Many food businesses, often because of mergers or complex global value chains, are running multiple disparate systems though out the organisation and therefore do not have one central repository of data.

That means, according to Per Christian, it is considerably more difficult to deal with the complexities of the value chain and decision making is often slower and made with inaccurate or out of date data. The solution lies not in the quantity of data but in getting access to the correct data and in a format that suits the individual. This is what we call role-based data usage.”

Traceability and shop floor integration

Food producers need to be able to connect the shop floor with the boardroom. To do this they require an overview of the whole business and to be able to make more informed decisions based on real time information. Organisations need to invest in an integrated database that helps them track every aspect of their business from the ingredients they use, to the performance of their machine’s, to the sales that the make. It is through these measures that they will help improve the efficiencies throughout their whole global value chain and enable them to compete on a global stage,

“The business needs to be able to provide access to the exact information demanded by the management, regulators and business partners” continues Per Christensen.

Several business models

The modern food manufacturer today can often be both a producer, a distributor, a retailer, an online shop and a wholesaler at the same time. According to Per Christensen, these businesses therefore need an ERP solution that can support the operation and reporting on multiple business models, manage logistics, the integration with the supply chain, have the ingredient management meet regulatory requirements, ensure efficient raw material utilization and ensure effective quality management.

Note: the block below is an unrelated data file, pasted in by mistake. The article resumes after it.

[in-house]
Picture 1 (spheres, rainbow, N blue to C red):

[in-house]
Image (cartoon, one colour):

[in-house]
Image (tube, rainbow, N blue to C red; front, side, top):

Gaining market share

Per Christensen believes that the launch of Microsoft Dynamics 2012 delivers even more relevant standard functionality “out of the box” and provides a more competitive solution for food businesses.

“In cooperation with our partners who have specific modules for food production, we will see Microsoft moving into market territories where we have not been before. I am convinced that we are well prepared with the answers to the challenges of food companies’.

Per Christensen, Product Marketing Manager, Microsoft
Per Christensen has 27 years’ experience in sales and marketing of ERP systems through work with international providers of ERP solutions – including the last five years at Microsoft as Product Marketing Manager for two of the most widely used ERP systems worldwide – Microsoft Dynamics AX and Microsoft Dynamics NAV.

reblogged from: columbusblog.co.uk 
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One response to “….no longer automatically just SAP or Oracle on the wish list of the CIOs… Microsoft Dynamics AX

  1. Pingback: What’s New – Application in AX 2012 for Supply Chain Management and Manufacturing | DynamicsBlogger·